Conference Agenda

MAST Northern Coasts 2019 Bella Center, Copenhagen, Denmark

Fri 6 Sep 2019

11:30 Fri 6 Sep 2019

11:30–13:00

6B: Air & Space

Arctic Operations

CHAIR: Rear Admiral (ret) Charles Beers

Arctic Communication for Maritime and Air Traffic

  • Dr. Michael Linden-Vørnle
    Astrophysicist and chief adviser
    Technical University of Denmark
    Denmark

For maritime and air traffic, communication in the Artic is a challenge. Using satellites is often the only viable solution, but the access to geostationary communication satellites in the high north is limited and at very high latitudes impossible. For many years the only option has been the Iridium SATCOM-constellation, but now new solutions are emerging. In this talk I will present the challenges for Arctic communication for maritime and air traffic and discuss the possible impact of the proposed and upcoming solutions such as satellite mega-constellations.

Satellite Surveillance of Vast Maritime Areas in the Arctic

  • Dr. Michael Linden-Vørnle
    Astrophysicist and chief adviser
    Technical University of Denmark
    Denmark

Maintaining situational awareness in the maritime domain across the Arctic region is a major challenge. The vast area often combined poor weather and lighting conditions makes efficient maritime surveillance a difficult task. As there is no one-size-fits-all solution to this problem, clearly satellites are very important providers of surveillance data. In this talk I will present the challenges for Arctic maritime surveillance and discuss how combinations of satellites with various sensor systems and unmanned vehicles can meet these challenges.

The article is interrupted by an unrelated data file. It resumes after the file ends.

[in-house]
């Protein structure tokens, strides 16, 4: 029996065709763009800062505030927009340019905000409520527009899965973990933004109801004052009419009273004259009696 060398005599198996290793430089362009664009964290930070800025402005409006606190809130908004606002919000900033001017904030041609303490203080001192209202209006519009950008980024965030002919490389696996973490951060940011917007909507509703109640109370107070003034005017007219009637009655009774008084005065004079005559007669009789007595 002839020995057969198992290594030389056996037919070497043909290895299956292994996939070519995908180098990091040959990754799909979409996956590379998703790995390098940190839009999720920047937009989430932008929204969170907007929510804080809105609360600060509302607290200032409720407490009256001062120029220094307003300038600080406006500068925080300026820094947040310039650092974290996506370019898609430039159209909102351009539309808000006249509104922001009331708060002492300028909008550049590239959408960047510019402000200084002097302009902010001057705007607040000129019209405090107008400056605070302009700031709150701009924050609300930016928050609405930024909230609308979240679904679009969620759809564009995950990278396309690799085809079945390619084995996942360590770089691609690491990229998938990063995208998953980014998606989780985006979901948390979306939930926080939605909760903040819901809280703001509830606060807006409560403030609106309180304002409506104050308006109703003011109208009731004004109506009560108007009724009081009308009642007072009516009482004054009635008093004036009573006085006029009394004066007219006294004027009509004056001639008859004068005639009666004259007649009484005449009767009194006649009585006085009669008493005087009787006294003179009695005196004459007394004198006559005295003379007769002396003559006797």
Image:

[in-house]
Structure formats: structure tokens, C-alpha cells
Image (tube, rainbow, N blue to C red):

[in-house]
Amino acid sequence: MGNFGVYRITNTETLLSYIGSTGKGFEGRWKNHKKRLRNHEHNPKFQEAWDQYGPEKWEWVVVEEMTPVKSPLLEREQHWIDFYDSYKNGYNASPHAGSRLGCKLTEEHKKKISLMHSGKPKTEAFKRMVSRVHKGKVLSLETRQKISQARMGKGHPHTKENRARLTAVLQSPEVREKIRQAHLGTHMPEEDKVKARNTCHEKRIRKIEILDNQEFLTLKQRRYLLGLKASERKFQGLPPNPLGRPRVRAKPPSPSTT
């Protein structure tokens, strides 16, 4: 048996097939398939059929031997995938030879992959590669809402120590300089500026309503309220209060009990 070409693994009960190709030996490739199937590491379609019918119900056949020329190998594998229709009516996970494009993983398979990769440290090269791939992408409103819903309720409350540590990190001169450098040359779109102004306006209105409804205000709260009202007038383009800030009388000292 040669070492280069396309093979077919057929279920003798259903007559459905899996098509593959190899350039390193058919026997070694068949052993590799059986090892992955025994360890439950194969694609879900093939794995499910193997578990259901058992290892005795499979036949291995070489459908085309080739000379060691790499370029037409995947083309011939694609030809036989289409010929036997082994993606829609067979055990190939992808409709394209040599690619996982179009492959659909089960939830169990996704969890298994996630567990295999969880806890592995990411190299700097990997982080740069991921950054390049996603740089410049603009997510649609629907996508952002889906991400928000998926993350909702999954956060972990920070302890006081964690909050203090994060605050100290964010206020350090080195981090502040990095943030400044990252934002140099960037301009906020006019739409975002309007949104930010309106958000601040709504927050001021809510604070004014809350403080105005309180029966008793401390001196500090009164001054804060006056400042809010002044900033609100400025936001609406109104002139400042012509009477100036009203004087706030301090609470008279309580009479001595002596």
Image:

Surveillance in the Arctic

  • Mrs. Charlotte Havsteen
    Head of Department
    Danish Defence Logistics and Acquisitions Org
    Denmark

The Joint Arctic Command in Greenland has many duties, responsibilities and challenges. Surveillance and maintaining an up to date picture of activities over vast areas with very little infrastructure is difficult. The rapidly changing weather and seasonal aspects also play a major role. Surveillance – due to the lack of land-based infrastructure – is increasingly based on the use of satellites. The use of satellites can be of great value not just by generating data, but also by making it possible to optimize the use of other capacities like aircraft and ships for reconnaissance purposes. The results obtained from the launch of a Danish nanosatellite in 2018 have shown that there are possibilities even for smaller nations to use the space domain for surveillance and reconnaissance as well as for communications and navigational purposes. How can a future space-based infrastructure best contribute?

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